We started our walk in Vila Nova de Gaia, where we were staying. Vila Nova de Gaia is across the Douro River from the Porto city center.  There was a lovely walking path along the river, and even though it was fairly early on a Sunday morning, many people were out running and biking.  The Porto Marathon was also taking place.  Vila Nova de Gaia is home to all of the port caves, or wine cellars, and to the port houses that prepare the wine for market, so we would be returning to explore this area later in the day.

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Photo taken from Vila Nova de Gaia.  Rabelos, Portuguese boats historically used to transport port.  Across the river is the colorful, historical city center of Porto.

Ponte Luis I

In order to get to the heart of Porto, we crossed its most iconic bridge, Ponte Luis I (Luis I Bridge).

Porto is nicknamed The City of Bridges, and it has six bridges that span the Douro River and connect it to Vila Nova de Gaia.  The Luis I Bridge is one of its most famous.  It was named for Portugal’s King Luis I and designed by the engineer Teófilo Seyrig, who was a student of Gustave Eiffel’s.  Eiffel was originally Seyrig’s partner on the project but he and Seyrig had a dispute and Eiffel dropped out.  Seyrig completed development of the bridge solo, and it was inaugurated on October 31, 1886.  It has two over-lapping decks and a great iron arch.  I found during my research that the given length of the bridge varies depending on the source, but according to the signage next to the bridge, it is 291.25 meters (1283 feet) in length, and at the time of its construction it was the longest of its type in the world.  It has the distinction of still having the biggest iron-forged arch in the world.  The upper deck is used by the Porto Metro System, but we used the walking path on the lower deck to cross the bridge.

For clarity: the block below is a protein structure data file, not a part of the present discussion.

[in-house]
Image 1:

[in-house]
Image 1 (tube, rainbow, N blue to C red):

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Luis I Bridge (picture taken from Porto; the suburb Vila Nova de Gaia and its many port houses can be seen across the river)

Despite his disagreement with Seyrig, Eiffel later returned to Porto to design another iconic bridge, the Ponte Maria Pia, which is considered by some to be his first masterpiece and is now designated as a Portuguese national monument.